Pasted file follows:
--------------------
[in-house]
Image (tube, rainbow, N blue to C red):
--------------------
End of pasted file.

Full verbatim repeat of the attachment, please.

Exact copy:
[in-house]
Image (tube, rainbow, N blue to C red):